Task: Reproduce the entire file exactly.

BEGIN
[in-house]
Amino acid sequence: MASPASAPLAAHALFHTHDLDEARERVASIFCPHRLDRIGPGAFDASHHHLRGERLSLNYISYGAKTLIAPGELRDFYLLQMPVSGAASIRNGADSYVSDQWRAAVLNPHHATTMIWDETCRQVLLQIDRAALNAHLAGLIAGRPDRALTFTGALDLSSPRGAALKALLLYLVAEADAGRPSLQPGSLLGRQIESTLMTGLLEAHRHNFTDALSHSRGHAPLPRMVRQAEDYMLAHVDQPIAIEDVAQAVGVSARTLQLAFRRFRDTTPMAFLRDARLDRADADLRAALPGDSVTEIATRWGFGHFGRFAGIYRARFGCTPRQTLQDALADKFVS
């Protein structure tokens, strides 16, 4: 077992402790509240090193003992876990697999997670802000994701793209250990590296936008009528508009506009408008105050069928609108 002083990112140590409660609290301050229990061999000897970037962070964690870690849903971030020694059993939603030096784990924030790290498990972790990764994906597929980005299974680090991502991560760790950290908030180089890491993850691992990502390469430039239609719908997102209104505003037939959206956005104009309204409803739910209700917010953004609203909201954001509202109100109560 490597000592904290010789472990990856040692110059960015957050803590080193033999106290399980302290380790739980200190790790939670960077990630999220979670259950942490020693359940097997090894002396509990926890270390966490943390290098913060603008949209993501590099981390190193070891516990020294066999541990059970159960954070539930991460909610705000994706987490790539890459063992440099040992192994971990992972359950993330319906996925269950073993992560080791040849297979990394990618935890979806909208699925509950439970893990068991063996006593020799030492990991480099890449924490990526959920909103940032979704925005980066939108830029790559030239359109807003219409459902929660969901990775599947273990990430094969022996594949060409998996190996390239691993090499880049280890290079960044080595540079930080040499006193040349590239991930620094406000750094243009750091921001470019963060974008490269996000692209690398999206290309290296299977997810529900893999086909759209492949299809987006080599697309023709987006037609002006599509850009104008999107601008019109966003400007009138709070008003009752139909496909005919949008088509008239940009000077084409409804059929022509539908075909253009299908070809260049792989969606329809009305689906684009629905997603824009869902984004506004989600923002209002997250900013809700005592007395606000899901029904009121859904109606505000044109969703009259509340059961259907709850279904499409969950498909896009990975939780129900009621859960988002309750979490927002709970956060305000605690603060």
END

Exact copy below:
[in-house]
Amino acid sequence: MASPASAPLAAHALFHTHDLDEARERVASIFCPHRLDRIGPGAFDASHHHLRGERLSLNYISYGAKTLIAPGELRDFYLLQMPVSGAASIRNGADSYVSDQWRAAVLNPHHATTMIWDETCRQVLLQIDRAALNAHLAGLIAGRPDRALTFTGALDLSSPRGAALKALLLYLVAEADAGRPSLQPGSLLGRQIESTLMTGLLEAHRHNFTDALSHSRGHAPLPRMVRQAEDYMLAHVDQPIAIEDVAQAVGVSARTLQLAFRRFRDTTPMAFLRDARLDRADADLRAALPGDSVTEIATRWGFGHFGRFAGIYRARFGCTPRQTLQDALADKFVS
């Protein structure tokens, strides 16, 4: 077992402790509240090193003992876990697999997670802000994701793209250990590296936008009528508009506009408008105050069928609108 002083990112140590409660609290301050229990061999000897970037962070964690870690849903971030020694059993939603030096784990924030790290498990972790990764994906597929980005299974680090991502991560760790950290908030180089890491993850691992990502390469430039239609719908997102209104505003037939959206956005104009309204409803739910209700917010953004609203909201954001509202109100109560 490597000592904290010789472990990856040692110059960015957050803590080193033999106290399980302290380790739980200190790790939670960077990630999220979670259950942490020693359940097997090894002396509990926890270390966490943390290098913060603008949209993501590099981390190193070891516990020294066999541990059970159960954070539930991460909610705000994706987490790539890459063992440099040992192994971990992972359950993330319906996925269950073993992560080791040849297979990394990618935890979806909208699925509950439970893990068991063996006593020799030492990991480099890449924490990526959920909103940032979704925005980066939108830029790559030239359109807003219409459902929660969901990775599947273990990430094969022996594949060409998996190996390239691993090499880049280890290079960044080595540079930080040499006193040349590239991930620094406000750094243009750091921001470019963060974008490269996000692209690398999206290309290296299977997810529900893999086909759209492949299809987006080599697309023709987006037609002006599509850009104008999107601008019109966003400007009138709070008003009752139909496909005919949008088509008239940009000077084409409804059929022509539908075909253009299908070809260049792989969606329809009305689906684009629905997603824009869902984004506004989600923002209002997250900013809700005592007395606000899901029904009121859904109606505000044109969703009259509340059961259907709850279904499409969950498909896009990975939780129900009621859960988002309750979490927002709970956060305000605690603060």